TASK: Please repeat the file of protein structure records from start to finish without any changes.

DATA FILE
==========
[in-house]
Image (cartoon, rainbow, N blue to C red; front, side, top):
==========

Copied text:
[in-house]
Image (cartoon, rainbow, N blue to C red; front, side, top):